Is B2C Marketing Really Different From B2B Marketing?

A lot of marketers will designate their specialty as B2C or B2B, but I struggle with finding a difference between them.  To be honest, I think the demarcation is unnecessary.

Marketing is about finding the right message that resonates with the right target and delivering it in such a way as to evoke a response.  

Target audience, frequency, trust and a call-to-action:  These are the core tenets of a marketer as they drive awareness and demand.  

I find an old construct that works well for any marketer in any business is the same construct I used when I ran marketing in a data company; data in, create value, data out.

A marketer still focuses on data in: customer insights, research and data points that help you understand why a customer chooses your brand over the competition.  These are the insights that help you understand benefits, differentiation and help you as you move toward formulating a strategy.  

The data inputs can come from any number of sources, but as with any kind of data analysis, you have to sort the signal from the noise.  Which signals are valuable, and which exist to confuse the issue?



Then you move to the creation of value.  This is the storytelling stage.  This is where you hypothesize the messages that will resonate with the persona likely to buy.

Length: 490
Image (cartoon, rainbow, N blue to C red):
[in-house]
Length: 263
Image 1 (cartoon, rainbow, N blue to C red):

You break the message into two camps; short-term demand vs. long-term demand.  Long-term demand is also considered awareness or delayed demand.  

Short-term demand are the people who are in market now and who you want to drop into your immediate funnel.  

Both are essential to growth, but the metrics by which you evaluate them are different.  Some companies focus solely on short-term demand gen while the most successful ones consider both, but I personally consider it all to be demand gen.  

The term “growth marketing” gets thrown around a lot, but it’s all the same to me and it is within this stage of value creation where the strategy gets laid out and the story is written.

Then you move on to the “data out” stage, or the implementation of said strategy.  This is where people tend to focus the most on the delineation between B2C and B2B because there is a familiarity with the channels used by one or the other, but these channel lines have begun to blur because before a consumer is a business consumer, she is a personal consumer, too.  

Humor and education can go hand in hand, and many B2B marketers focus on education as a tool for driving demand.  I find humor can be used everywhere.  It applies to both business and consumer.  

The data-out model can be used to define a target audience, leverage first- and third-party data, and focus your message against a qualified audience.  

Regardless of “specialty,” this stage requires knowledge of tech stacks, data tools and the ability to optimize quickly.  Data out is where the magic happens, so to speak, and this is where you determine if the work in the first two phases was strong or not.

I network with lots of marketing execs because I find every one of them has a unique spin on this model. Still, I have yet to find a successful marketer who doesn’t yet use this model, although perhaps under a different name.

What construct do you use to define the type of marketer you are?

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